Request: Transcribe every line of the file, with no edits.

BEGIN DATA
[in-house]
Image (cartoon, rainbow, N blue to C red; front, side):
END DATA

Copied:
[in-house]
Image (cartoon, rainbow, N blue to C red; front, side):